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You have found 106 entries after clicking on a search link (usually the MORE information link) in a matrix cell. Starting with the most recently added or updated entries, the list shows in orange the type of entry, year the original document was published (or if one of our own documents, the year last updated), and the type of file you will download when you click on the title. In blue is the document’s title followed by a brief description.

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REVIEW 2011 HTM file
Adapting psychotherapy to the individual patient: Culture

Meta-analytic review commissioned by a US task force concludes that mental health services targeted to a specific cultural group were several times more effective than those for clients from a variety of backgrounds, and that more effective treatments had more cultural adaptations.

REVIEW 2011 HTM file
Adapting psychotherapy to the individual patient: Preferences

Meta-analytic review commissioned by a US task force concludes that psychotherapy patients (including those treated for substance use problems) stay longer and do better if they get the type of therapy, type of therapist and type of therapeutic style they prefer.

REVIEW 2011 HTM file
Adapting psychotherapy to the individual patient: Religion and spirituality

Meta-analytic review commissioned by a US task force concludes that psychotherapy patients who identify with the religious or spiritual orientation of a therapy improve more than if untreated or treated with exclusively secular therapies, but not more than if treated with otherwise equivalent established therapies.

REVIEW 2011 HTM file
Adapting psychotherapy to the individual patient: Expectations

Meta-analytic review commissioned by a US task force concludes that patients who enter psychotherapy with positive expectations about outcomes tend to actually have better outcomes, suggesting that therapists should regularly assess expectations and take steps to enhance them if appropriate.

STUDY 2010 HTM file
What process research tells us about brief intervention efficacy

The disappointing finding of no impact in a Swiss study of a brief alcohol intervention with risky drinking A&E patients prompted painstaking analyses of why some patients did respond, and why some counsellors had far better results than others.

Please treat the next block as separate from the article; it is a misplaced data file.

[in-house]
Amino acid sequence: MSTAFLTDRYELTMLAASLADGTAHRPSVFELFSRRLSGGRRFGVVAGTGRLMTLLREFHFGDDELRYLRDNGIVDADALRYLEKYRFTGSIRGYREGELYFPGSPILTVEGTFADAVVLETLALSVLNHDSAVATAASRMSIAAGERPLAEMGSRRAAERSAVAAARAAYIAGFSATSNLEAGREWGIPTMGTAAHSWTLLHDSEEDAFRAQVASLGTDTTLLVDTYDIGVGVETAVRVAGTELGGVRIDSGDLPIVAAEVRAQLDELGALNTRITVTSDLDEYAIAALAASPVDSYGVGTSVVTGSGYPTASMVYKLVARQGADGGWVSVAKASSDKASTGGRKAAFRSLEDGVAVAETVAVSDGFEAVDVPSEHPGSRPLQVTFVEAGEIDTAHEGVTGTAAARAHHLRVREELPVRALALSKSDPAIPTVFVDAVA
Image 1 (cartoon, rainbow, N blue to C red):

STUDY 2010 HTM file
The role of ethnic matching between patient and provider on the effectiveness of brief alcohol interventions with Hispanics

At a US emergency department, a brief conversation about the pros and cons of their risky drinking and offers of support for any efforts to reduce harm led to extra reductions in the drinking of Hispanic patients which were greatest when they were matched to a Hispanic and Spanish-speaking counsellor.

STUDY 2009 HTM file
From in-session behaviors to drinking outcomes: a causal chain for motivational interviewing

This substudy from the seminal US Project MATCH alcohol treatment trial found evidence for the appealingly simple and plausible conclusions that "What therapists reflect back, they will hear more of," and that promoting talk about change promotes change itself.

STUDY 2010 HTM file
Counselor motivational interviewing skills and young adult change talk articulation during brief motivational interventions

In the study of Swiss army conscripts, reflective listening emerged as possibly the key active ingredient in a brief alcohol intervention based on motivational interviewing.

STUDY 2006 PDF file 172Kb
Adjust therapist directiveness to client resistance

Persuasive evidence from the US Project MATCH alcohol treatment trial that a non-directive therapeutic style suits clients prone anger or defensiveness or who like to take control, and more structured and directive approaches suit those who welcome being given a lead.

REVIEW 2010 HTM file
A meta-analysis of motivational interviewing: twenty-five years of empirical studies

Better than 'treatment as usual' but not than other specific therapies are the headlines from the most comprehensive synthesis of motivational interviewing studies to date. Along the way are insights in to the equivocal value of manuals and of feeding back assessment results to patients.


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